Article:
77 MRMS Precipitation Estimates Using Specific Attenuation

Monday, 8 January 2018
Exhibit Hall 3 (ACC) (Austin, Texas)
Stephen B. Cocks, CIMMS/Univ. of Oklahoma and NOAA/NSSL, Norman, OK; and L. Tang, Y. Wang, J. Zhang, A. Ryzhkov, P. Zhang, and K. W. Howard

An algorithm based on the use of specific attenuation A to estimate precipitation in pure rain has been developed using data from Dual Pol S-band radars. Specific attenuation along propagation path in rain is retrieved from the radial profile of radar reflectivity Z and the total span of differential phase along the path. Then rain rate is estimated from the power-law R(A) relation which is very robust with respect to the DSD variability. The technique works in rain only, hence the algorithm uses numerical model data to determine the likely location of the melting layer in order to estimate precipitation below it. In areas where rain is mixed with hail, rainfall rates are estimated using specific differential phase KDP.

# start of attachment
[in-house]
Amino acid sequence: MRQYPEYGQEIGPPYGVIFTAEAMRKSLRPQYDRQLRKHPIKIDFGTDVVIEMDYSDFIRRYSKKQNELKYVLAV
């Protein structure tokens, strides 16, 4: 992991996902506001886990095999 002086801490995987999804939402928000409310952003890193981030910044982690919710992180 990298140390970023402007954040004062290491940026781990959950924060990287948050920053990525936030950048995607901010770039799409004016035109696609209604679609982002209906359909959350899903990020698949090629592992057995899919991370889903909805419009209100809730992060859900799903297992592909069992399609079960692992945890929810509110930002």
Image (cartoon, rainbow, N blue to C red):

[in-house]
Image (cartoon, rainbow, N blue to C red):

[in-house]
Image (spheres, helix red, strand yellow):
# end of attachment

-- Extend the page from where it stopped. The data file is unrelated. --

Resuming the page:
The estimate of A is quite sensitive to the choice of the parameter α (the net ratio of A-to-KDP along the propagation path), which relates to the path-integrated attenuation PIA and the total span of differential phase ΔΦDP. It is determined automatically in real time using a special optimization procedure that uses Z and ZDR data. Using WSR-88D radar data collected from 37 radars on 56 calendar days over the Eastern U.S., QPE using specific attenuation were generated and compared to operational Dual Pol QPE estimates currently implemented on the WSR-88D fleet. The results indicated that the new R(A) QPE method performed better than the operational Dual Pol algorithm, particularly during moderate to high end precipitation events. Additionally, the new technique exhibited better performance in regions affected by partial blockage of the radar beam. The new technique has been integrated into the Multi-Radar-Multi-Sensor (MRMS) QPE algorithm according to which A is used to estimate precipitation in pure rain, KDP in areas where rain is mixed with hail, and Z, at longer distances from the radar where the radar resolution volume resides either within the melting layer or above. The new algorithm is currently undergoing testing and evaluation on the MRMS real-time research testbed and plans are for the product to be operational by the late fall of 2017.

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